The Battalion. (College Station, Tex.) 1893-current, October 09, 1947, Image 2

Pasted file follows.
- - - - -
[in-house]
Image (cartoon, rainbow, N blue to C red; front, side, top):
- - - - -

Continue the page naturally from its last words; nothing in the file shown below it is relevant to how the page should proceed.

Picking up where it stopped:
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Battalion EDITORIALS PnpS THURSDAY, OCTOBER 9, 1947 TNI CAT A Look at California U.... It’* a relief to turn from the troubles of the Texw state colleges to those of another slate system. Recently both Time and the Saturday Evening Post have carried articles on the whopping-big University of Califor nia and its 40,000 students. The articles tell how the size of the institution worries its top executives. But considering what a scholastic repu tation Cal has (one of the top four in the, country) and how free they have been from; the sort of trouble that has dogged our Texas* institutions for years, we sometimes wonder of the California system of one big uni versity work better than our Texas system of several unrelated schools? * There are plenty of objections to such a change, which would unite Texas U., A. A M. Tfech., TSCW, NTSC, and perhaps others in to a single administrative unit. - But at least under such a unified system might be spared such paradoxical rows is the present difficulty over the College Building Amendment. If Tech were the West Texas branch of the University, it would be impossible to fight the college sys tem as a whole, in the name of the part. But would West Texas really be willing to give np its separate school, even though Tech benefited bv the change? No Aggies could be expected to vote for a system which would make A. & iL a branch of the University in truth, instead of in law, as at nrmeiU. And so It goes. The Idnt of a unified Texas state college Myittem is probably just a pipe dnsam. Hut looking it the University of Ualifornli, (which In cludes IKT,A, Hants lUrimra College and Davie Agricultural Hchunl as branches) we •re sometlmee dubious about the advantage* of our own system persuaded ” Sproul it. of course, a profes sionally persuasive man. The 16-man Board of Regents (appoint ed to Id-year terms and by custom reap- C rnnted for life) own the eight campuses, ire A fire university presidents, spend the legislature’s appropriations as they see fK. Sproul thlnka it would help if every baby were awarded a bachelor's degree at birth; that might satisfy those interested only in the prestige of a college education. A good many others, he suggests, should be shunted off to junior colleges and vocational schools, to be given the education they really want and are fitted for. That would leave the uni versity free for what Sproul considers its real responsibility: the specialised work of the junior and senior years, graduate and professional schools, for exceptional students. ‘‘From the president of a state univer sity, that is a bold proposal,” says Time. But not everybody loves the “one big school" idea. Patriotic citizens of Southern California are hot for separating U. C. L. A. from its sister at Berkeley. Sproul modestly disagrees with the general verdict that “the University of California ll held together by me alone.” His principal argument for keep ing the state’s coUeges in a single is to avoid expensive duplication. To keep Actors Pirn To Combat Attacks Of 'Red Hollywood’ ny non mosuii HOLLYWOOD, Oct. » (AP)- A troop of proetinont film »ctor«. dimtom, writer* and producer* is organising for s campaign to combat eontrr*»io»\*l assertion* of the “Communtat Influence la Roily Texans hi Washington A.&M. Supplies Personnel I For I.S. Agricultural Dept 11*1 1 A — uai iV41a m ivr|H>n s Cattle Feeder Gets $60,000* Should He Stay in Business? EASLEY Bp TEX Ap s,».-dal WaWMtp _ WASHINGTON, Oct. a-(A^) RitfCSt Of all fnvernmentK agendoa devoted to othei than military acttvlttoe la tho agrical -w- Haro Is how Tima drsmallsea Ihs alsa- problem* of UC. •In the oban-alr Haaret Oroak Theater at Berkeley, Calif, one day last week, 1,000 new f students sat waiting. As the warm sun beat down on them, the band blared out Hail to Cnhfomia. A huge, hearty figure strode on '■fegr*. Robert Gordon Rprout, president of the nation’s largest university (41,451 full- MKb students), began to speak. As every body had known he would, he struck juat the right note. “I hope you will not take this perkmai- 1 ly,” he said, “but I think that there a 10,0((>0 too many of you. You would all happier if somehow the 10,000 could go else- 1 where. But whether you belong here or not I welcome you.” . . (Wonder what would happen if an A. A M. president-addressed an entering class in those words?) Most experts rate California’s faculty in the nation's top four, along with Harvard, • Chicago and Columbia. Among Cal’s galaxy of scientific stars: Nobel Prizewinner Er nest O. Lawrence, inventor of the cyclotron; Glenn T. Seaborg, discoverer of plutonium; and—until recently—Physicist Robert Op- parileimer. Among its strongest suits: phy sics, chemistry, engineering, history, agri culture, music. , ' - ; The predominance of the sciences at Cal ia no accident; It is much easto to persuade legislators of the tangible benefits of re search in plkstics or potatoes than of the value of knowing about Yeats and Keat*. That attitude D not peculiar to legislators; . It fat shared by many ft the faculty, by the overwhelming majority of California un- dergrsduates—ami by most Americans. Re-\ marked one history major last week: “You're made to feel that If you aren't tak ing Mb tdty*lu« and chemistry, you're west- lif valuable space," Ar * Home university president* have dieta- turtal powers! the president of the Unlvcr- r ally of California la nnly a prime minister. Ills rdueatlonei program tiuai win the ap proval of the Academic Senate, a powerful fegulty body that pre-date* Hproul's regime, . and makes California one at the moet demo- ; ciktlcelly ruh nnivereitlee in the U. H. * No New courses or departments can be •dfied. no dean appointed, no new professor MOW, no academic budget instituted, with out Sennit! action. Says Sproul with a grin: “The faculty can’t be driven. It can only be m VV AV'IIM a A |nr-11 n I v v UU IUI1. IU Southern California happy, Sproul has help- ciw r ™i hy Is* with nrmnnn, ed make young and lusty U. C. L. A, a strong »nd distributing useful inform* school In Its own right. Now growing at a tinn on Sfrieultursi Robjseu, th. faster rate than Berkeley, U, C. L A. has is r*s*rih ita own football team, its own alumni mmo- miitrin^Uim riuX*"!n till! imo *!*■»■ win "-x i»**»»7,uo«.«w m«nci jfjvryssE’iiiur WMOl, Like Harry Truman at the Army-Navy gante, Hob Unreal reot* for U*th side* at the annual U,('.L,A.-Cal game, He alway* get* a big cheer when he ceremonloualy swans at the half, (a custom that would be A. 4 M. and T. IL should ever h«r« *hortly after f r*dusting from A. snd M. to IMS and plans to rotlT* next war. He is In the live stock branch of PfA. His brother, Gustave Burma later, also is eran department tmplnyt* in* foreign affrioultural it information. s a vet , haadl- ■Utistloal fusriiens I bein hit ■ hnld iny su L floor Is open the story on Caii|pntla. Dmlt wggesMons for us, or holr The i'll for discussion. MniSlSTKNCE and the help of God turned a trick for B. M. Atkinson, linulsvHlr (Ky.) Times columnist. Atkinson submitted a 200-word story to the Saturday Evening Pont Postwar Anec dotes column. With it he wrote n letter say ing, “This is the honest-to-goodnets troth.” The anecdote came back with a rejection slip. Immediately he returned it, again ac companied bjTa letter assuring them it was the hooeat-to-g(Mj.ln«*s.s truth. Again it came back. For the third time. Atkinson returned the story, this time with a letter saying, “This is the honcst-to-God truth." Within a week he received the $100 ekadL j ★ THE 25th anniversary number of Lino type News tells this story: William Wrigley was rising with a friend on a train from New York to Chicago. Said the friend: “Your gum is known all over the world. Why don T t you save the millions of dollars you are now spending on adver Wrigley pondered a second, then asked “How fast ia this train going?" “About 60 miles an hour,” was the an Tbste !iwlu«M *#11 «wi>*rvaUi*p, fnrm •rmilt and rural vkwlrifiva linn program* Taxasa at 1 n«nt to Amofig iherr nrrvimuly arc Dr. ■H*. w**‘Uma to* | ^, HouateS, founder of the Kxtesato* I GalMivlto} HtolNto R. Cooper. Rervicej Chief Justice of the U. 8. Conter, Snd C. L. Minnas, Spur, Court «f Claim* Marvin Jones, | both in the bureau of agrlculturs ^ U f « The aarly year* of (ha emit ‘ J P pariment atotlon at A. A M year* ago, Ronnay Youngblood, now is In eharv* «f rwwmrtih prugram* at aniwriman tel atotiana wragghaui tha noun try His ihiMes taka him os Is ■imulteneoualv by | •herthtn t«ura of those aUltosa asTdrmSto^ V M"”” ,lm '' ihse to ronrdinat* " .*»I *«d hirert reaeareb notivltl**, (Hhm e* Taaaa Aggie* here In the sgrtrehurM denartment In- Kmeat J, Netromh, Cle- .. Pranklm sdmtntatnstien, In th* a great eapaniion of l to aid farmer* who Initial meettog of the eigaatoa tion, a* yet unnamed, was held this week at the home of Director Wil liam Wyler, Academy winner for “The Best Year* of Our Live*." Speaker* declared something should bo done to offset the con gressional hearing this month at which charges of communist activ ities in the movief are expected to be aired. Many Hollywood names have been calM tn testify before the House Un-American Activities Committee. The new group plans to give the public “a truer picture of so- called political influence In Holly wood.” Among those attending the first meeting were Wyler, Direc tor John Huston, Katharine Hep burn, Gene Kelly, producer Jerry Wald, Mehrya Douglas, Writer Emmet Lavery and others. “Arch of Triumph,” after almost a year of edging, is expected to hit the nation’s screens In Decem ber. The delay was due to a dif ference of opinion between direc tor Lewis Milestone snd enter prise boas fharle* Einfeld over treatment of the story. The cold season has hit town. Dick Powell and Irene Dunn* just got over their sniffles and return ed to work. Now Joan Crawford and the four kiddie* are ailing . .. Note to Rohert Mitchum fans: your hero will do a lot of singing In “Harhel” , , , Elisabeth Taylor loins Greer Uaraon and Walter Pigeon In "Hpeak to Me of Love 1 U» playa Uraer’a daughter, B^ HAL BOYLE - CLEAR LAKE, IOWA. Oct • —(AP)—A ijftoer hare lemnMy " '-"'•-i <h*L the Unreal tingle rhurk mt MM to ft rattle fhed •r In this ana, yvt today he doMth know Whethto B *• worthwhile to stag to hustne**. That la tie it lemma of J. D. Hichanison and many other asid- W»t fnrmer* who make a career of taking range-fed western cattle I fattening them tote lop grade ivy beef. yesrs and darned if I know what to do,” said Richardson, a tall eyed farmer son of a fahner. He and other* like him are be ing scared into reduced activity by the high price of grain, the food-fuel that ripen* lean, grass- fed steers into the juicy, fat-grain ed steaks that command a premiun in metropolitan markets. “A fellow decant know whether It'* worth bothering a boat,” said Richardson, tad “they've get an mt a hairel." He figure* that he can buy an X00-pound steer for $Z16 hut that it will coat him a dollar a day for WO or mors days to fedd It the I as before- com and protein needed to plump I Richardson. "CKy folk, -ometitnes blame Mm fanger for thee* high prices but the [farmer didn't *sk for them. We'd U • lot bettor off if the prices stayed tow. Now wu'r* out on d limb/* Rkharitoou get Ma cheek for to,Odd for lift hick grade oteers. “I flkura that Ifl buy a hundred •teers at tha present price to fat- ton,” ho mid, “they, could loo* me the price of th* foed plus flB.000. lahor. V plus the coat of my But the tom, after a quarter of a century, would be lonesome without beef cattle around and he can largely feed them with his own com, the com he could sell now for a nice profit If he chose to.1 “1 never sold a bushel of com in my life though.” he sakl “I always have to buy from neighbors to feed my cattle.” And because farmers are tradi tional people he will go on as be fore on a reduced scale. He feels his own ease is typical, j “So there won’t U as much beef to ewt in this country next year before—that’s for sure," said it into a I40»t pound target for the butotor. riv “That makes It cost me |51d, not counting the hay It cate or my owd ovwhead and lahor cocte,” he said. “Nor does it include any in terest for my money.” But such a stoat, if sold on the present hnfh Chicago market of aboat $M a hundredweight, would fetch him only |604 n* alway* have toon nroml- MAn Iritost J, HaMMal, Cto* wsrism RaatoM bran«h, idvtu if Walls sad Ixtimrion Oatoesvlle*, cmipm DPENMtMP, M. 4*1111 TODAY A FRIDAY lived In Mineral Omm T. Lac Oarton, Maurice R. “Thon,” aakori Wrigtoy, “why doaan’t the railroad company remove the enflne and M the train travel on Ha own momentum!” PUBUCITY Deuaitment of American Itrtmdcaating In nollvwtMid tolls this <mr “Rivalry between radio oolumnlata often to groiwly exa$fferated. . , . When Walter Wln< h*ll whipH hla 15-mlnute newuoaet ov er the ether wnvee he got a flash on the redrue of a boy who haa bego fatred kid M*p|»«l. It came a few necondn too late for him to uae IL.1D he ruahed to Lmiella Far- wma in MkMtroadcaat and she scooped the nation on tha news.'' THE Centralis (111*! Evening Nrntinol haa a standing head. FEU CITATION, over birth notices. {Bit one day recently, the newly born were listed under: TODAY’S UVE- STOCKMKT, once congressman from Amarillo, who officiated as War Food Ad miaistrator, and Grover HiU of AanariUo, who was Underaecre- tery of Agrfc war. Those from the Lone Star State who currently hold down tome of the top jobs in the department in clude: Jesse B. Gilmer of El Paso; head ci the Prodaction and Marketing Administration; H. H. Williamson, an assistant chief of the Extension Service, who formerly directed that work at College Station; J. C. Dykea, assistant chief of the M»il conservation service and large ly responsible for the operationa of that agency. Dykea is a native of Dallaa, a graduate of Texas A. and M. and before coming to Wash ington lived in Fort Worth. Texas A. sad M. Ceilage * odd be expected, has beta a -lesdy source of top-flight eareep personnel for the de pert meat fi decades. Williamson is of the class of 'll and la the current oreeident of the National Capital Texas A. and M. Gub. Arthur L Roberts, 10. of Weatherford duct ion and ntarkotli cotton section, •Mb. One of th* oldest affrieultor* de partment employes is Chari** A PunauUtor, ft Men, Tea., who «n» FconnmtB Edinburg, Kemp, h John P. Cunningham, and Walter L Scott, ur i. Konen*. w, d and to th* pro- narketing diviiiotb ht secretary of the AlSQ— TOM and JERRY CARTOON Features Begin 1:20 3:30 - 5:35 • 7:13-0:50 1 TODAY FRIDAY A SATURDAY l SKI) HECORDB New and old faroritea tfe , 8up|>ly »>rw |M>pular reoop** atoo Fans, Utmortl 11ay»n», ( oniWHallons IIKYAN NKHCOa . .402 North Main (1 I; O M U 1C' N TT-J ooammoNKKv a — GUION HALL LAST DAY OAXWC! iMflmol DANQDtOUB V* HT' .d* 1 a QUEEN I ANT DAY “Swell Guy* —With— SONNY TUFTS ONE MttltT ONLY) HAT,, (NTOHKR UTII, (Wheftete Night North Hhto (htltomim FORT WORTH AOO^WtNVmB I Bring Mtudsat MeaUhcaUnn ft *UI i pwputooa (tax iarL) t Mfeoxee sw«,«n*ms V annai^Jgi* Me-S** rtOfturwy Ml (OMING j "fRE\TKW Nunday — MmAhy LOVE'S NO GAMBLE tha woy »ha ployol Wont to loam how tha dooo it... and wln»t Watch for •«• STl'DR n»i SO per peWM.n U> w|re»tirevvfv^a • *y NTQODRdL - ItuTIAN UMtVRR TEXAS | wmm ■ 1 ) The Battalion lished Battalion, official newspaper of the Agricultural and Mechanical College of Texas and the City Station, Texas, is published five times a week and circulated every Monday through Friday except during hoh lays and examination periods. During the summer The Battalion ia pwb- j-weekly. Subscription rate M per school year. Advertising rales furnished oa regneat N< win Hi ao». Gt , contributions may be made by telephone (4-3444) or at the editorial office. Room 301, Good- Classified ads may be placed hy telephone (44334) or at tha Student Activities Office, Boom Member of the Ansockted Pram The Associated Frees is entitled exctooively to the use for repubiication of all new* ted to It or not otherwise credited in the paper and local news of spontaneows origte Rights of republication of all other matter bereta an alao reserved. dispa tchei published Catered •» reroad-elws mittar st Pc orriM ** roiw* suucm t.*m. «*u STtopTri ** tt*™* >. w»> CHAltIK MURRaIy, JIMMIE NELSON Member Associated College Press KaVSV^MRAbR RRlfcBRl^ toy VttlftMRR) iLR - 1 renreme ftwvta, lac., at Hr* Tock CUv. CMiMPb Lot AtftfwW*. m»A Smr F rmAwkofk. ] Co-Editor* J. T. MUlre, .WWt ware -Msaactef MMk T. Erisa - Vreur. MHre Lrl A. gargi- ksa**tk Buss -freon WrUre* ^ r an**, f*-> Ihvot -w» _. . ^jP-teaslrt» wjw : tay ttx' nriCre U, wiiW**.- N.. Vtow Starting Sunday * ♦ ' - j A New POLICY for the Queen Theatre Jutt Whal Yoti’m Asked For NATtIKOAY Sl'NDAY - MONDAY J j.-.i,, I , t I . * L *4 ♦ From thi M if Iw ad nmaa W tto ”la«|hlRg blaet" «f ytir hurtl Ow.&t They Ma! ] -IIH JOHNSON - 0 "Ererybody'i Got ft Uu^tlg VltiF